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NMR studies of carbon dioxide sequestration in porous media



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Hussain, Rehan 


Carbon dioxide (CO2) sequestration in the sub-surface is a potential mitigation technique for global climate change caused by greenhouse gas emissions. In order to evaluate the feasibility of this technique, understanding the behaviour of CO2 stored in geological rock formations over a range of length- and time-scales is crucial. The work presented in this dissertation contributes to the knowledge in this field by investigating the two-phase flow and entrapment processes of CO2, as well as other relevant fluids, in porous media at the pore- and centimetre-scales using a combination of lab-based nuclear magnetic resonance (NMR) experimental techniques and lattice Boltzmann (LB) numerical simulation techniques.

Pulsed field gradient (PFG) NMR techniques were used to acquire displacement distributions (propagators) of brine flow through a model porous medium (100 µm glass bead packing) before and after the capillary (residual) trapping of gas-phase CO2 in the pore space. The acquired propagators were compared quantitatively with the corresponding LB simulations. In addition, magnetic resonance imaging (MRI) techniques were used to characterise the extent of CO2 trapping in the bead pack. The acquired NMR propagators were compared to LB simulations applied to various CO2 entrapment scenarios in order to investigate the pore morphology in which CO2 becomes entrapped. Subsequently, MRI drop shape analysis techniques were used to identify a pair of analogue fluids which matched certain key physical properties (specifically interfacial tension) of the supercritical CO2/water system in order to extend the work to conditions more relevant to CO2 sequestration in the sub-surface, where CO2 is likely to be present in the supercritical phase. As before, NMR propagator measurements and MRI techniques, along with LB simulations, were used to characterise the capillary trapping of the CO2 analogue phase in glass bead packs, as well as two different types of rock core plugs – relatively homogeneous Bentheimer sandstone, and heterogeneous Portland carbonate.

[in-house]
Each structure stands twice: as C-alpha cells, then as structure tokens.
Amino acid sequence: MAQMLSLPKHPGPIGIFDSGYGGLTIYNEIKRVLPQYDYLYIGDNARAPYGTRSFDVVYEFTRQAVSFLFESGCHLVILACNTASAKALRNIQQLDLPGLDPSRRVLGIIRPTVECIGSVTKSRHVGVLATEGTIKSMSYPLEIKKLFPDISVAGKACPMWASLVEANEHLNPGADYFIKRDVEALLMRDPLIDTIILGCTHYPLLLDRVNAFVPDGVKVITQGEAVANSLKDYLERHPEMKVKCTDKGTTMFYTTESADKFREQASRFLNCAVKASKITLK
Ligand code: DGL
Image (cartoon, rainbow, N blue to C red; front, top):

In addition to capillary trapping, the effect of vertical permeability heterogeneity, such as is often present in underground rock formations, was investigated for the flow of miscible (water/brine) gravity currents in model porous media (glass bead packs), using MRI techniques such as 2D spin-echo imaging and phase-shift velocity imaging. Finally, a preliminary investigation was made into the effect of particle- and pore-size distributions on the gas/liquid (air/water) interface for porous media consisting of glass bead and sand packs of different average particle size using quantitative MRI techniques.





NMR, MRI, CO2 Sequestration, Porous Media, Two-phase Flow, Lattice Boltzmann, Chemical Engineering


Doctor of Philosophy (PhD)

Awarding Institution

University of Cambridge
This work was supported by the Engineering and Physical Sciences Research Council (EPSRC) under the Doctoral Training Account (DTA) programme.